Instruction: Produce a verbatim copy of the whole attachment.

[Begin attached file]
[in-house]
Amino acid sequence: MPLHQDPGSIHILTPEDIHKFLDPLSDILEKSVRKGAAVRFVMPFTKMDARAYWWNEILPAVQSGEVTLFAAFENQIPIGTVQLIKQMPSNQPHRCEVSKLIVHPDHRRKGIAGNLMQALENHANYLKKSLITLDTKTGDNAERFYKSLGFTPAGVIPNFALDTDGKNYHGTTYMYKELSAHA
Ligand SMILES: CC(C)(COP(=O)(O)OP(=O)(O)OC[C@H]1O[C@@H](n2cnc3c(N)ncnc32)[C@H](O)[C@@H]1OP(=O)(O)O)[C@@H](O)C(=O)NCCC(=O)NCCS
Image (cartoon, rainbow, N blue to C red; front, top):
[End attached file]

[in-house]
Amino acid sequence: MPLHQDPGSIHILTPEDIHKFLDPLSDILEKSVRKGAAVRFVMPFTKMDARAYWWNEILPAVQSGEVTLFAAFENQIPIGTVQLIKQMPSNQPHRCEVSKLIVHPDHRRKGIAGNLMQALENHANYLKKSLITLDTKTGDNAERFYKSLGFTPAGVIPNFALDTDGKNYHGTTYMYKELSAHA
Ligand SMILES: CC(C)(COP(=O)(O)OP(=O)(O)OC[C@H]1O[C@@H](n2cnc3c(N)ncnc32)[C@H](O)[C@@H]1OP(=O)(O)O)[C@@H](O)C(=O)NCCC(=O)NCCS
Image (cartoon, rainbow, N blue to C red; front, top):